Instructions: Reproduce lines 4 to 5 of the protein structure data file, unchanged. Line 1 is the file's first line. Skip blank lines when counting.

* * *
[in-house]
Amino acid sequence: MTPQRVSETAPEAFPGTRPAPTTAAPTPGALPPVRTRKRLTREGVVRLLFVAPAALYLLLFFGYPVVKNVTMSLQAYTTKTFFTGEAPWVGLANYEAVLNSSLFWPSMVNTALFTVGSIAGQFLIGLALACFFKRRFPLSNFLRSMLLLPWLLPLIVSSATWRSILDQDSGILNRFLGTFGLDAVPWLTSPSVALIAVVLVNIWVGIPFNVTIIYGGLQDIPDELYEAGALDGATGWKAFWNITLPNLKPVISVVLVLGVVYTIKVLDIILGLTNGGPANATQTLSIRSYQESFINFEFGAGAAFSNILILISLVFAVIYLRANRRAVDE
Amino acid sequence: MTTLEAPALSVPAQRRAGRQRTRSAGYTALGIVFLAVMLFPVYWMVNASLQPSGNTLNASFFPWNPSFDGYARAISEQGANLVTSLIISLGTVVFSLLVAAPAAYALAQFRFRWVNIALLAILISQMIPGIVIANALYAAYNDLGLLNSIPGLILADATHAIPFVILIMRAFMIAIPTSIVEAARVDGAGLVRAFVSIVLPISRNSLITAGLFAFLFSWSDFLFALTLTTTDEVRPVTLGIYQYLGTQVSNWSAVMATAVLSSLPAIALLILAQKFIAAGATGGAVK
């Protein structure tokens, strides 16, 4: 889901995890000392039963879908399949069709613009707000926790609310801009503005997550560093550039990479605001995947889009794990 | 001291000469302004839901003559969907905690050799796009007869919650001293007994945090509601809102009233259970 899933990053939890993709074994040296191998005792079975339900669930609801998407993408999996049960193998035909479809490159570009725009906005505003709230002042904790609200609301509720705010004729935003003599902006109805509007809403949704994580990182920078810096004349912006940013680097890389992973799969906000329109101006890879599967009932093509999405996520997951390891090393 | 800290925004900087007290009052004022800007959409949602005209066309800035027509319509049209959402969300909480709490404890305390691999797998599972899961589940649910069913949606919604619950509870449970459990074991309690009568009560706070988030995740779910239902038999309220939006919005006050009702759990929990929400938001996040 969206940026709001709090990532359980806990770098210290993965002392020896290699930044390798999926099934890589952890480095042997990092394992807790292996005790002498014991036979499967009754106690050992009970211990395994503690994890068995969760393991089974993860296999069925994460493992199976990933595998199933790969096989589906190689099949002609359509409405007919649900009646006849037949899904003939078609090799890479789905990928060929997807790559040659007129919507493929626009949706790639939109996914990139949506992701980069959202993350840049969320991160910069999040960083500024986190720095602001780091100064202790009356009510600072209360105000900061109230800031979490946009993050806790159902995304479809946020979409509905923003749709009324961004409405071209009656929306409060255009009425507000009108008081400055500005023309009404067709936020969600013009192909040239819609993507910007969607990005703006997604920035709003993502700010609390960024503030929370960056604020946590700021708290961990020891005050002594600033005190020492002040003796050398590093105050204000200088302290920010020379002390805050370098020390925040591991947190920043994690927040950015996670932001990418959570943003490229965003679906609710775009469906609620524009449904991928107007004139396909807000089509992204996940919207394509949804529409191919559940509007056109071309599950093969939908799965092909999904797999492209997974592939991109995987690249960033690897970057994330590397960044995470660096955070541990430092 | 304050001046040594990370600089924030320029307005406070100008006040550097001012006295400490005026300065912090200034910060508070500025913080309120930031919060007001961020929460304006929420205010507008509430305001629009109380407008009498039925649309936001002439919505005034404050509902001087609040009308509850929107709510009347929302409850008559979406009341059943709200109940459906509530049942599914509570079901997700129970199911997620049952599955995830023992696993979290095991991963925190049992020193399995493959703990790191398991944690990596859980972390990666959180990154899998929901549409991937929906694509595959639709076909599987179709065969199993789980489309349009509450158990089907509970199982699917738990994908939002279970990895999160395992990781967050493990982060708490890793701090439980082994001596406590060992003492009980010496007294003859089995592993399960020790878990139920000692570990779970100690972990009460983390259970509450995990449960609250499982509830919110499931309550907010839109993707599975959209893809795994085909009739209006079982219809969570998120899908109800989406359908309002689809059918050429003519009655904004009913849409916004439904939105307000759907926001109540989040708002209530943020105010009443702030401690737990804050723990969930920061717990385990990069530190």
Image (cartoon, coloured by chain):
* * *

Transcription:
């Protein structure tokens, strides 16, 4: 889901995890000392039963879908399949069709613009707000926790609310801009503005997550560093550039990479605001995947889009794990 | 001291000469302004839901003559969907905690050799796009007869919650001293007994945090509601809102009233259970 899933990053939890993709074994040296191998005792079975339900669930609801998407993408999996049960193998035909479809490159570009725009906005505003709230002042904790609200609301509720705010004729935003003599902006109805509007809403949704994580990182920078810096004349912006940013680097890389992973799969906000329109101006890879599967009932093509999405996520997951390891090393 | 800290925004900087007290009052004022800007959409949602005209066309800035027509319509049209959402969300909480709490404890305390691999797998599972899961589940649910069913949606919604619950509870449970459990074991309690009568009560706070988030995740779910239902038999309220939006919005006050009702759990929990929400938001996040 969206940026709001709090990532359980806990770098210290993965002392020896290699930044390798999926099934890589952890480095042997990092394992807790292996005790002498014991036979499967009754106690050992009970211990395994503690994890068995969760393991089974993860296999069925994460493992199976990933595998199933790969096989589906190689099949002609359509409405007919649900009646006849037949899904003939078609090799890479789905990928060929997807790559040659007129919507493929626009949706790639939109996914990139949506992701980069959202993350840049969320991160910069999040960083500024986190720095602001780091100064202790009356009510600072209360105000900061109230800031979490946009993050806790159902995304479809946020979409509905923003749709009324961004409405071209009656929306409060255009009425507000009108008081400055500005023309009404067709936020969600013009192909040239819609993507910007969607990005703006997604920035709003993502700010609390960024503030929370960056604020946590700021708290961990020891005050002594600033005190020492002040003796050398590093105050204000200088302290920010020379002390805050370098020390925040591991947190920043994690927040950015996670932001990418959570943003490229965003679906609710775009469906609620524009449904991928107007004139396909807000089509992204996940919207394509949804529409191919559940509007056109071309599950093969939908799965092909999904797999492209997974592939991109995987690249960033690897970057994330590397960044995470660096955070541990430092 | 304050001046040594990370600089924030320029307005406070100008006040550097001012006295400490005026300065912090200034910060508070500025913080309120930031919060007001961020929460304006929420205010507008509430305001629009109380407008009498039925649309936001002439919505005034404050509902001087609040009308509850929107709510009347929302409850008559979406009341059943709200109940459906509530049942599914509570079901997700129970199911997620049952599955995830023992696993979290095991991963925190049992020193399995493959703990790191398991944690990596859980972390990666959180990154899998929901549409991937929906694509595959639709076909599987179709065969199993789980489309349009509450158990089907509970199982699917738990994908939002279970990895999160395992990781967050493990982060708490890793701090439980082994001596406590060992003492009980010496007294003859089995592993399960020790878990139920000692570990779970100690972990009460983390259970509450995990449960609250499982509830919110499931309550907010839109993707599975959209893809795994085909009739209006079982219809969570998120899908109800989406359908309002689809059918050429003519009655904004009913849409916004439904939105307000759907926001109540989040708002209530943020105010009443702030401690737990804050723990969930920061717990385990990069530190």
Image (cartoon, coloured by chain):